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Salem Al Mansoori is an engineer and works as a product development manager with etisalat. But in his spare time he uses his computational engineering skills to create innovative designs. The young Emirati designer recently won the Metamorphosis competition, organised by Tashkeel in collaboration with Van Cleef & Arpels and Design Days Dubai. His prize winning project, titled Mimicry, is a series of 3D printed sculptures representing the stages in the metamorphosis of a butterfly. And his prize was a trip to Paris for a week of learning at L’Ecole Van Cleef & Arpels, the company’s school of jewellery design.

The competition, which took place in March, was open to all artists and designers living in the GCC countries, and invited them to submit artworks based on the theme of “metamorphosis”. The theme was inspired by the design philosophy behind Van Cleef & Arpels jewellery pieces such as the Passe-Partout chain-belt which can be worn as a necklace, bracelet or belt and the Zip necklace, which functions like a zipper to transform into a bracelet.

Weekend Review spoke to Al Mansoori about his work and how the trip to Paris has transformed his outlook as a designer. Excerpts:

What was the concept behind this project?

The idea is to represent the life cycle of a butterfly through a series of computer generated 3D geometric shapes. I did a lot of research on different types of butterflies and the four I picked for this project are Small Copper, which is dark grey, the bright pink Swallow Tail, Mazarine Blue and Green Veined Pearl. Using basic platonic shapes such as a tetrahedron, octahedron and dodecahedron to represent the different breeds, I applied progressively complex algorithmic transformation to them.

I then captured each of the shapes in five different stages to tell a story of organic growth similar to the metamorphosis of a butterfly. My designs are inspired by the colours of the butterflies and the emotions they evoked in me, and are an abstraction of the process of transformation they go through. The title Mimicry is borrowed from the scientific term used to describe the phenomenon seen in butterflies of mimicking on their wings the patterns seen on other creatures such as tigers, to protect themselves. And it refers to my geometric imitation of a process in nature.

How did you translate the digital designs into sculptures?

I used the process of 3D printing. The basic forms are made from polyamide and the finishing touches include a velvet-like layer. Each set is different. For instance, “Small Copper” is represented by a simple grey cube, and the changes are expressed subtly through the lines etched along the edges.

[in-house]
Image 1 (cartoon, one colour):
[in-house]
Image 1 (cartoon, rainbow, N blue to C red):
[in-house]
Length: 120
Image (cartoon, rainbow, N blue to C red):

But the transformation is much more pronounced in the pink and blue sets, with the opening out of vertices and growing complexity of the lattices on each facet. The last set, inspired by the Green Veined Pearl butterfly, and based on a sphere, has a much more organic feel, and a textured finish. The captions for each set are based on the connections made by Greek philosopher and mathematician Plato between these “platonic” shapes and various elements in nature. And the words try to evoke a sense of zoological classification of the different breeds of the computer generated, geometric creatures on display.

How was your experience at L’Ecole Van Cleef & Arpels?

At the school, which is located in an 18th century mansion in the Place Vendome, I attended lectures and practical workshops on many different subjects related to art and jewellery design. After this intensive week of learning, I have developed a great appreciation for art history and for the design aspect of jewellery making.

Since I do not come from an arts background, I thought there was no need to study about archaic, historical things, but knowing the history of art and design has provided me a context for understanding contemporary design, and helped me to understand that what happens in art is a response to the political, social and cultural environment.

I am now avidly reading about the Renaissance in Europe. I enjoyed working with my hands rather than with a computer and making my own piece of jewellery.

It was also great to meet the other students, who included jewellery, fashion and interior designers, collectors and art and jewellery lovers from around the world.

I also got the opportunity to visit the Museum of Decorative Arts in Paris, which has objects ranging from the classical period to contemporary designs. The entire experience has broadened my vision and given me a good understanding of design across various media.

What are your future plans as a designer?

Winning the competition has boosted my confidence and [provided me with the encouragement] to experiment with new ideas.

I now want to explore new concepts, processes and techniques and I want to work both with the computer and with my hands in the future. And I am certainly very interested in designing a piece of jewellery — especially rings.

Jyoti Kalsi is an arts-enthusiast based in Dubai.